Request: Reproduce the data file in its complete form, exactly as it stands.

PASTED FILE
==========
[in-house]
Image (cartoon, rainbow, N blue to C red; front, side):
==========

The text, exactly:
[in-house]
Image (cartoon, rainbow, N blue to C red; front, side):